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Copyright for Code Writers and Game Developers
With Douglas Robbins, Esq.
The recent decision involving Sony's God of War videogame franchise (Bissoon–Dath v. Sony Computer Entm't Am., Inc., 694 F. Supp. 2d 1071 (N.D. Cal. 2010), aff'd, Dath v. Sony Computer Entm't Am., Inc., 653 F.3d 898 (9th Cir. 2011)) highlights key aspects of copyright law relevant to the creation and publication of narrative based videogames. This decision and the related decision of Oracle America Inc. v. Google, Inc., and Tetris Holding v. Xio Interactive, helps game makers and code writers to understand what sort of material is protected by copyright but crucially, also what sort of material--images, ideas, stories, designsundefinedare not protected by copyright.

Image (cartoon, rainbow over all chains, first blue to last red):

Using these case studies we will discuss the five top ways that code writers and game makers can take, borrow, and steal from previously available materials without fear of violating copyright. Specifically we will discuss the uncopyrightable nature of ideas, facts, structures, and frameworks, the related "merger" doctrine, scenes a faire, the law related to game mechanics, and the public domain.
DOUGLAS ROBBINS is the Chair of the Wood Robbins LLP Media Law Group, serving clients involved in producing, acquiring, licensing, and managing audio-visual media. Mr. Robbins is the vice-chair of the San Mateo County Bar Association's Intellectual Property Section, and has been named to the list of Super Lawyers Magazine's 2011 and 2012 Rising Stars..